I want to sit you down and talk — I want to pull back the veil and find out what it is I’ve done wrong, Glen Hansard croons earnestly. It’s the first line from the opening track of the new Swell Season album, Strict Joy. The song “Low Rising” is at once classic Hansard — heartache, folklore, anguished cries in the middle of a set of casual, life-altering sentences — and also a gorgeous representation of what old fans will refer to as the ‘newer’ signature sound of the Swell Season. Hansard’s achy, telltale traits are layered in with Marketa Irglova’s delicate shared-lead vocals, which vary across the tracks from barely-secondary to her Damien Rice-esque lead on “Fantasy Man.” Add in some catchy choruses, two parts major-label caliber production, and a few members of the Frames — and you’ve got the perfect follow-up to the Once soundtrack.
Having been a Frames fan for quite a few years now, I was happy to hear the full-band style of the Strict Joy tracks carrying hints of a restrained, filtered-down hint of their tone, as Colm Maclomaire, Joe Doyle, and Rob Bochnik are all contributing members to the Swell Season sound. Which is not to pigeonhole the Swell Season as a side-project of any sort, as it solidly stands on its own legs among Frames and non-Frames albums alike. The dozen tracks wind the listener from the feel-good ache of “Low Rising” to the sad, haunted “The Rain,” crossing to the distant, staring-out-the-window-of-the-train movie-scene sound of “Paper Cup.” The beginning of the album never stalls out, laying out tracks cohesively one after the other, seamless but not too similar; constantly pretty and yet shot through with knife-in-the-gut writing that begs you to pull the car over and pay attention.
There’s a one-two-three one-two-three catch to “Feeling the Pull” (and I’m feeling so small / against this big sky tonight), the sad, sparse lovestory of “In These Arms,” and more of Marketa’s sweet lead later in the album on “I Have Loved You Wrong.” Two-thirds of the way through Strict Joy, the more experimental side of the Swell Season starts to push through, borrowing well-worn sounds and making them the band’s own. “High Horses” is backed up with a few layers of vocal tracks and wandering, jangling, peak-popularity Tori Amos piano, begging for your attention through peaks and pauses and indirectness. “The Verb” takes some undertones from “God Bless Mom” (off of the Frames live album, Set List) and “Love That Conquers” backs itself up against the best of Jesse Harris and Paul Simon’s offerings.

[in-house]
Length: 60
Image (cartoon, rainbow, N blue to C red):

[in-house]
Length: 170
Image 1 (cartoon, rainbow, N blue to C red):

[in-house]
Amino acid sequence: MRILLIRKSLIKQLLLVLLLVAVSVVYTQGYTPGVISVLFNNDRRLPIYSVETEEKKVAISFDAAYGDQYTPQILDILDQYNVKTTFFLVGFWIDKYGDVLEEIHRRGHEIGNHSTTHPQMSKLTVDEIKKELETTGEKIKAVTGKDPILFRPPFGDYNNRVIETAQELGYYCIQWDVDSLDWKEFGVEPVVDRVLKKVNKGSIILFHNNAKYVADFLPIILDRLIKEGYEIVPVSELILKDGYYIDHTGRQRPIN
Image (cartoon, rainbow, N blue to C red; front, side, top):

Finally, the last two tracks showcase and circle back to the classic sad bastard sound that, for this listener at least, only Glen Hansard can offer up. “Two Tongues” gives a classic, all-or-nothing abstract telling of a push-pull relationship stage, never quite settling on whether things are coming or going — while “Back Broke” swoops in and closes the album perfectly: heartbroken and hopeful, with the undertones of a developing sound that leaves the listener hanging on to the very end, both to hear the next chapter of the story and what’s in store for the Swell Season as a whole. Long-standing Frames fans and new, Once-driven Swell Season listeners will both do themselves a favor to pick this album up — every listen brings this album closer to becoming one of my top albums of 2009.